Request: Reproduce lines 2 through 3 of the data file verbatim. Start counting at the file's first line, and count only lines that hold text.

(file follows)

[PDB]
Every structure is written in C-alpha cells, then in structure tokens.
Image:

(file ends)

Every structure is written in C-alpha cells, then in structure tokens.
Image: